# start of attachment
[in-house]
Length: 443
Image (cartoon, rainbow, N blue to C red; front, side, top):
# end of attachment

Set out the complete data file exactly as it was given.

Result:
[in-house]
Length: 443
Image (cartoon, rainbow, N blue to C red; front, side, top):